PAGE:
When Daniëlle and I arrive at the TNO facility in Delft, we are welcomed by Iris Blankers, one of the three econometricians we are going to interview. Iris studied Econometrics & Operations Research in Tilburg, and since January of this year, she works for TNO. After we are offered some coffee, Iris explains that there is an open working environment at most departments of TNO. This means that no one has a standard working place, but depending on your tasks for that day you choose where you want to sit. When we arrive at one of the smaller rooms, Werner Liebregts joins us for the interview. Werner also studied in Tilburg, but he first finished a master program in economics, and after a pre-master he finished the master program Econometrics and Mathematical Economics.We start our interview with some general questions about TNO. TNO stands for ‘Nederlandse Organisatie voor Toegepast Natuurwetenschappelijk Onderzoek’ (English: Dutch Organization for Applied Scientific Research). But nowadays it does much more than that. The field in which TNO operates is best defined as research, in the broadest sense of the word. Currently TNO has 24 offices in the Netherlands, one in Brussels, and one in Qatar. There are more than 3800 employees working for TNO, of which 58 are active outside the Netherlands. Every location is divided in departments and every department has its own area of expertise. One of the things that Iris and Werner state right away is that TNO is a very open organization. You are not bound to one department, not even to one location. Besides that, there are no strict working hours, so there is a lot of freedom to choose when and where you want to work. Moreover, there is a lot of interaction between the different locations of TNO, and also between the departments of every building. Therefore it is fairly easy to switch your working environment and you are practically able to choose your own work. You can decide by yourself if you want to accept certain research projects, or if you would rather spend your time on another project.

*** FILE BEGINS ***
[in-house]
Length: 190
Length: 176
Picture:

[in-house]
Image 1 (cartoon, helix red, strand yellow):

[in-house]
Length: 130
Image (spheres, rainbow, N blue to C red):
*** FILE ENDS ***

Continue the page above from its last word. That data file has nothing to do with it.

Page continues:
At TNO employees work within a matrix organization. There are three main expertise centres: ‘Technical Sciences’, ‘Behavioral and Societal Sciences’ and lastly ‘Earth, Environmental and Life Sciences’. Every department, officially called expertise group, falls within one of these expertise centres. Overlapping these three expertise centres, there are seven themes. Almost all themes come back within every category, but the way in which they do differs per department. The themes are the face to the outside world. They handle the contact with the external clients, and they ask the departments to do the research.